GOP Rep. Massie ‘glad’ he was armed during Capitol siege



WASHINGTON — GOP Rep. Thomas Massie said Friday he and several other members of Congress felt relieved they were carrying firearms when a mob of rioters overpowered police and stormed the Capitol in a siege that claimed the lives of five people.

The Kentucky Republican’s remarks follow a recent debate about whether lawmakers should be allowed to carry guns in the historic building.

“The next member who argues Congressmen shouldn’t be allowed to carry firearms at work needs to be laughed out of the Capitol,” Massie wrote.

“Several of us were glad to be armed while barricaded for hours in our offices with our staff,” he added.

Freshman GOP Congresswoman Lauren Boebert from Colorado scored a win last month when she fought House leadership to preserve a 1967 rule that allows lawmakers to be armed for self-defense.

Boebert, a vocal advocate for Second Amendment rights, was ridiculed when she released a video of herself explaining why she would wear a loaded gun on the job.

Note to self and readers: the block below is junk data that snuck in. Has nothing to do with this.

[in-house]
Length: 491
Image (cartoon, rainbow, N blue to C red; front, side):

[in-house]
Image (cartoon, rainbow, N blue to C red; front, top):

Members of Congress are allowed to store firearms in their offices and transport them in Washington, DC, as long as they are not loaded. They are not allowed to carry them into the chamber.

Rep. Thomas Massie
Rep. Thomas Massie

Dozens of Democrats called for the 1967 rule to be overturned, claiming in a letter to House Speaker Nancy Pelosi (D-Calif.) that firearms “create needless risk for Members of Congress, their staff, members of the Capitol Police, and visitors to the Capitol grounds.”

But Boebert won after submitting her own petition to Pelosi with the signatures of 82 colleagues and the new rules included no such Democrat-requested ban.

Just days before the siege, Massie and Boebert announced they were creating the Second Amendment Caucus to fight for gun rights.

The head of the Capitol Police resigned Thursday as officials continue to question how law enforcement was so unprepared and demonstrators were able to get so close to members of Congress.

The Senate on Friday announced it had launched a bipartisan investigation into the “security failures” that resulted in Wednesday’s siege on Capitol Hill.


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